But first, a bit of history about wakeboard stance widths...

Before we show you how to determine the best stance to prevent common wakeboard injuries we have to rewind it back a bit and establish how wakeboard stances have evolved. Or even more important, why they evolved. How a rider stands on a wakeboard, aka their riding “stance”, has progressed broadly since the early days of wakeboarding. In the 70s & 80s stances were narrow, directional (pointed 1 way) and mounted towards the tail of the wakeboard because of the influence waterskiing had on wakeboarding.

Tony Finn Common Wakeboard Injuries

It wasn’t until the invention of twin tip wakeboards such as Waketech Flight 69 that stances became more centered, symmetrical and wider. This gave the rider more stability and control no matter which riding position they were in, regular or switch stance. This resulted in new styles & a new direction for wakeboarding.

As boat wakes grew in size, stance widths increased substantially with the notion that a wider stance would offer much more stability and control. It did also, however, place more stress on the rider as a trade off.

As the cable parks become even more popular, stance width has again come full circle and is trending back towards a narrower stance for a couple reasons. Some think the ‘hesh’ style of riding narrower looks better. The physical benefit is less joint and ligament stress on the rider because flat water landings are common and riders rarely rely on downward transitions at a cable park.

Over the years, the evolution of wakeboarding influenced our stances, our control and style out on the water. It’s knowledge you should understand so you can prevent injury & create a riding style of your own.

Your knee should have equal weight distributed so both sides of the knee joint share the load and impact of hard wakeboard landings.

— Kyle Schmidt

Common Wakeboard Injuries: Golden Rule #1 Protect Thy Knee Ligaments!

Before we dive into your ideal stance width and angle, let’s discuss your knees for a moment…

Inside the knees are two cartilage pads that help cushion the impact of running, jumping and, in our case, hard landings on a wakeboard. These two cartilage pads are called the medial and lateral meniscus.

The medial meniscus wraps around the inside of the knee joint and the lateral wraps around the outside of the knee joint. If an impact is balanced across these two pads they both work together to cushion the blow. If an impact is unbalanced, one side of the meniscus will take on more of the load than the other which increases the chance of damage to that side. This is far and away the most common wakeboard injury. So I’ll walk you through how best to prevent it

common wakeboard injuries - knee ligaments

Golden Rule #1. Protect your knee by having a stance width that tracks balanced so both sides of the knee joint share the load and impact of landings. That’s it. There is no golden rule #2.

Ok, so now you know this, now we figure out how to find the perfect balance and stance to protect thy ligaments.

Your goal to prevent common wakeboard injuries is to find a knee position that moves with the least amount of stress on your legs, hips and back as you squat down.

— Kyle Schmidt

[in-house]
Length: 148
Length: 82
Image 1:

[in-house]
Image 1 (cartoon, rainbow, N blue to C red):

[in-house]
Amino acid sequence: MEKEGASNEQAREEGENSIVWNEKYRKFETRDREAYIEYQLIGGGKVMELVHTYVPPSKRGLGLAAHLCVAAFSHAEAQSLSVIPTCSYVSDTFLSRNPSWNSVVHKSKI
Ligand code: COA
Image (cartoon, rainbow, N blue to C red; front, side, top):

Determining Your Stance Width To Prevent Common Wakeboard Injuries

Your height is the number 1 deciding factor in how wide your stance should be. The other important factor is how your body is built. This has a bearing on how wide or narrow your stance width should be.

Your end goal for an ideal stance width is to find a position that moves with the least amount of stress on your legs, hips and back as you squat down.  A good way to think about an ideal stance width for preventing common wakeboard injuries is to think about it in terms of board control vs. stability. I’ve created a stance chart that gives you a good starting point in inches and in centimeters.

Common Wakeboard Injuries Athletic Stance

Determine Your Stance Width Starting Point

Now, draw a line from the outside of your shoulder to the ground. We’ll call this your shoulder line. Half your foot should sit outside the shoulder line and half your foot should sit inside your shoulder line. This starting point will place your feet a little wider than shoulder width apart and put you in an athletic, balanced stance [see image]. This starting point also gives you stability side to side so you fall less over your board’s nose and tail.

After you find this starting point for width you have to consider your body type. Make sure that you’re positioned on your board so your knees track properly over your feet to help reduce the chance of injury to the knee ligaments and cartilage. Decide which body type you are, bowlegged, straight legged, or knock kneed so you can adjust your starting stance accordingly if necessary.

"If you need to see how this all translates to a wakeboard, watch pros ride behind a boat vs. at a cable park. See if you can spot the body type."

— Kyle Schmidt

Mitch Langfield Common Wakeboard Injuries Gap

Know Your Body Type

Okay, now we want to determine your body type so we can make slight adjustments to your wakeboard stance. This will really dial it in to prevent common wakeboard injuries. To determine your body type, stand on the ground with your feet touching close together. Then look at the space between your knees. Take note of the shape your legs make. Standing in front of a mirror may make it less awkward…or more, you decide. There are 3 shapes your body makes. They are shown in an exaggerated illustration below so you can understand visually how they look.

Common Wakeboard Injuries Leg Types


Bowed legs will have a larger distance between knees. Legs from hip to foot will arch outward a bit in a bowed fashion. Knees tend to track outward to the sides of the body as the legs bend. This may require a slightly wider stance width to accommodate the outward tracking motion. This wider stance ensures equal pressure is applied to both the medial and lateral side meniscus during the hard impact that occurs during landings.